• Form 1120-F Delinquent Returns
• Form 1102-F Non-Filer and Protective Return U.S. Business Activity
• Treatment of Deferred Foreign Income Upon Transition to

Participation Exemption System (IRC Sec. 965)

Treaty and Transfer Pricing:

• Captive Services Provider

Withholding and International Individual Compliance:

• Expatriation of Individuals
• FATCA Filing Accuracy
• Financial Service Entities Engaged in a U.S. Trade or Business
• FIRPTA Reporting Compliance for Nonresident Aliens (NRAs)
• Foreign Earned Income Exclusion
• Forms 1042/1042-S Compliance
• Form 1120-F Chapters 3 and 4 Withholding
• Individuals Employed by Foreign Governments & International


• Individual Foreign Tax Credit Phase II
• IRC Sec. 965 for Individuals
• Loose filed Forms 5471
• Nonresident Alien Individual Tax Credits
• Nonresident Alien Rental Income from U.S. Real Property
• Nonresident Alien Schedule A and Other Deductions
• Nonresident Alien Tax Treaty Exemptions
• Offshore Private Banking
• Offshore Service Providers
• Post Offshore Voluntary Disclosure Program Compliance
• Puerto Rico Act 22, Individual Investors Act
• Swiss Bank Program Campaign
• U.S. Territories – Erroneous Refundable Credits
• U.S. Territories Self-Employment Tax
• Verification of Form 1042-S Credit Claimed on Form 1040-NR
• Virtual Currency

Observation –Taxpayers can resolve the issues identified above by understanding the potential tax issues, adhering to the relevant tax laws, and accurately reporting transactions. I recommend reviewing this list with your tax advisor and taking the appropriate action.

Until next time,

James Dawson, CPA

A “Nudge” for UK Individuals Selling on Online Marketplaces to Pay Taxes

The Covid pandemic and subsequent cost of living crisis in the UK has seen a significant increase in individuals supplementing their income by selling items online. Some have built successful micro-businesses by buying and selling goods through online platforms.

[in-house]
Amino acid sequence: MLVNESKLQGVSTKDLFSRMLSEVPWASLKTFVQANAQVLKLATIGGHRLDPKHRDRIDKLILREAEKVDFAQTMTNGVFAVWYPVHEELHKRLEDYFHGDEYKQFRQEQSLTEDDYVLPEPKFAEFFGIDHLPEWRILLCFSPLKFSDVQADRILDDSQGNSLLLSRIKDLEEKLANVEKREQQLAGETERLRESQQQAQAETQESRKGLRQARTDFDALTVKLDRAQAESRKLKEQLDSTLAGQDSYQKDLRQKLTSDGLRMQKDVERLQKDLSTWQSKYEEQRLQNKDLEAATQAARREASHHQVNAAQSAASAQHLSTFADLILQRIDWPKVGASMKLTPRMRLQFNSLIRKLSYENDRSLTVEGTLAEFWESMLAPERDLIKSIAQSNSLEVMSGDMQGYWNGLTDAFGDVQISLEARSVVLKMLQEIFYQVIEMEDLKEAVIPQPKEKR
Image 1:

HM Revenue and Customs (HMRC) is aware of this activity and has recently ramped up a campaign to collect taxes it believes have not been paid from individuals selling goods on online marketplaces such as eBay, Etsy, and Facebook Marketplace. HMRC is thought to have collected sales data from popular online marketplaces to support issuing a “nudge letter.”
The nudge letters come with individual case reference numbers and detailed information on sales activity. They ask individuals to respond within 30 days summarizing their tax position and make a voluntary disclosure of their undeclared income within 90 days.
The letters state that HMRC knows it has “information that shows you’ve earned money (income) from Online Marketplace sales” and that it “shows you have not told us (HMRC) about some or all of this income”. They request individuals to complete a “certificate of tax position” with the option to bring tax affairs up to date, that they have correctly declared all income, or that they have not declared their income. Individuals are given 30 days to respond with their certificate.

The letters seem to suggest that HMRC has accessed sales data from these online platforms, and while it is not clear which third party has provided this information to HMRC, these platforms often include detailed sales history of its sellers in the public domain. The letters have been specifically sent out to individuals in which HMRC holds information that it can use to open an investigation if individuals do not respond.
Anyone can sell goods up to the value of £1,000 a year without having to pay tax. However, when a UK individual has reached that £1,000 a year threshold HMRC wants to collect tax on the activity. They have access to technology that allows for the tracking of unpaid taxes. In addition, if an individual has set up a business, HMRC will expect all compliance and tax obligations to be timely met.

Observation –Technology has enhanced HMRC’s ability to collect sales data and pursue individuals who have not disclosed and paid taxes on online marketing platform activities. Taking a proactive approach by contacting a UK tax advisor to advise on the best approach for addressing any unreported income or taxes due can avoid much consternation and financial penalties.